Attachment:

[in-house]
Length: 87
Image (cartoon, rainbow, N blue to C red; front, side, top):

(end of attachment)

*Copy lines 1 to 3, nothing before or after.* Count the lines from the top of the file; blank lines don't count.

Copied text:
[in-house]
Length: 87
Image (cartoon, rainbow, N blue to C red; front, side, top):